If the people had embraced the signs as a revelation of Jesus, belief would be their natural next step. But they wanted more from Jesus, particularly for themselves. “Give us this bread always,” was their way of saying, “Show us what you can do for us, prove yourself to us. Then we’ll consider trusting you…as long as you keep responding to our desires!” Unfortunately, Jesus was about to make believing in him even more difficult, not easier.
As the people keep demanding more and more signs, Jesus draws a line in the sand. “Unless you eat my flesh and drink my blood, you have no life in you,” he declares. The people are understandably repulsed by this gruesome metaphor, but it is not the imagery that offends them. It’s the condition of accepting Jesus as the Son of God.
It may seem unfair to hold the audience to such a high expectation. After all, Jesus is demanding they believe that he, a man they have known since childhood, is the son of God. Additionally, he challenges them to accept a crucified leader as the means to life. This isn’t a concept that fits anyway in their paradigm of redemption.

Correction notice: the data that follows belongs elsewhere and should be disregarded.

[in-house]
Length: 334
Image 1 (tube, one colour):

Still, these issues do not stop the honest of heart from believing. Peter states directly what happens when one chooses to respond with trust in Christ: “We have believed and we have come to know, that you are the holy One of God.” There are two stages of faith revealed here: believing and knowing. The first one comes when someone responds honestly to the evidence and begins to trust in Jesus. They don’t know all the answers, but they know enough to put their faith in him.
The second stage comes from a direct experience, in a trusting relationship, with Christ. “We have come to know,” is a statement of intimacy. It highlights a relationship in which there is a depth of sharing, one that includes secrets shown only to those who already put their trust in Jesus. They not only trust the words of Jesus, they know from personal experience who the Spirit has revealed him to be.
Nothing More Practical